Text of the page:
T. Kyle King’s published work ranges from newspaper columns to film reviews and from short stories to law review articles. Most notably, he served as a site manager and staff writer at DawgSports.com, a daily weblog devoted to University of Georgia athletics, from 2006 to 2013, and he is the author of a book about the history of the college football rivalry between the Georgia Bulldogs and the Clemson Tigers published by Clemson University Digital Press in 2013. Kyle is a lifelong comic book fan whose thoughts on comic books previously have appeared at ComicsVerse, Progressive Boink, and the Superman Homepage. Kyle is a Superman guy.
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Superman: The Coming of the Supermen #6 hit the stands this week, bringing to a close Neal Adams’s limited series paying homage to Jack Kirby’s additions to the legacy of the Man of Steel. ComiConverse’s Action Ace archivist, T. Kyle King, brings you his thoughts on the finale.
After five baffling issues in the inscrutable epic, Adams was left with just 22 pages to tie together all the dangling plot threads and make sense of the numerous characters’ machinations. The last issue is entitled Answers! — but can the iconic writer/artist make good on that promise?
After ostensibly incinerating his antagonist at the end of the previous installment, an outraged Darkseid is subjected to the further mockery of an hysterically laughing Lex Luthor. In his fury, the Lord of Apokolips lets slip the revelation that Earth gave birth to the grandeur of his domain. Darkseid and Luthor reveal the ways they have doubled-crossed each other in the course of their short-lived alliance.
The dragon-like prophet reappears, offering insights Darkseid understands but Superman does not. The true identities of Rafi and his dog are revealed just in time for the New Gods and the Kryptonians to turn back an assault by the forces of Apokolips. Once Superman destroys Darkseid’s Boom Tube, the characters offer the hero brief words of explanation — all except Luthor, who keeps a shocking realization to himself.
Analysis (WITH SPOILERS!):
If comic book story titles were subject to truth-in-advertising laws, Neal Adams would be facing a fine for the deceptively mislabeled Answers! In reality, after the cliffhanger ending of the first issue set the stage for a big finish, Superman: The Coming of the Supermen #6 failed satisfactorily to conclude any of the storylines the series’ creator set into motion.
The fifth issue indicated pretty unmistakably that Darkseid had reduced Luthor to cinders, but the bald mad scientist is back at the beginning of the final installment, giggling like a ninny and dodging further furious salvos without explanation. Incensed, the evil New God exclaims that Earth “birthed the greatness that is Apokolips,” which presumably has something to do with the Egyptian flashback at the outset of the series, although neither Darkseid’s revelation nor that earlier exposition ever receives further clarification.
Whereas the foregoing plot points were merely ignored, the rest were largely undone. Luthor’s red sun mote will wear off. The series’ titular trio is largely ancillary to the action of Superman: The Coming of the Supermen #6, but the costumed Kandorians show up to say that “Metron’s underground railroad led back to New Krypton, and then… back to Earth.” The overrated indestructibility of the Boom Tube, after being overemphasized ad infinitum, allows Kal-El to turn the technology inside-out, making Nibiru suddenly safe both for New Krypton and New Genesis. Darkseid loses, shuts up mid-rant, and wordlessly walks away. It is all very pat — and equally incoherent.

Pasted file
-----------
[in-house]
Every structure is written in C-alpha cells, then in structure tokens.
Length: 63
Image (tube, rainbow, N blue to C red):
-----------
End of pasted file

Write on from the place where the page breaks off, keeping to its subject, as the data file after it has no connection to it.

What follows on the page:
Everything else about Superman: The Coming of the Supermen #6 is sheer nonsense. Darkseid and the demonic messenger share a cryptic exchange that illuminates nothing. Orion punches the Man of Steel for no real reason, providing the rationalization that he planted a previous plan into Darkseid’s mind “to play for time.” Rafi turns out to be the Highfather’s grandson, and Izaya the Inheritor insists he assumed the form of the puppy to protect him — which, apparently, didn’t include rescuing him from Granny Goodness, but it gave Adams an easy way to get the kid out of the picture.
Throughout it all, Superman is both amused and bemused, musing that he is “going to remember every second of this day”, yet reflecting ultimately that he has “no real answers at all.” Yeah, you and me both, Clark. Adams deepens the confusion by having the bat-winged angel acknowledge that he was there to “keep a journal” recording “all of your… progress.” Luthor gets the last word in Superman: The Coming of the Supermen #6, thinking to himself that the Kandorian blood samples he collected earlier prove “that you are all human!” Answers! thus provides the most maddening series finale since Twin Peaks.
Although the issue features several nice bits of banter that offer quick-hit insights into the majesty of the Man of Steel, their impact is blunted by the jumbled muddle of the story. Likewise, although a handful of panels serve as reminders of Adams’s artistic prowess, the graphics too often appear as hurried and unfinished as the script. All these factors, plus a few disordered word balloons, produce the inevitable assessment that Superman: The Coming of the Supermen #6 is Batman: Odyssey without the Keurig coffee.
Answers! offered only questions, to which you should feel free to respond in the comments. ComiConverse with us by sharing your thoughts on Superman: The Coming of the Supermen #6!
T. Kyle King is a Contributor to ComiConverse. Follow him on Twitter: @TKyleKing.
Every aspect of this series declined in quality between the first issue and this one, which was a ridiculous meaningless mess.